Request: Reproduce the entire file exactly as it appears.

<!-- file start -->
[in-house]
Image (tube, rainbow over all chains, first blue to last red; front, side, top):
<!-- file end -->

[in-house]
Image (tube, rainbow over all chains, first blue to last red; front, side, top):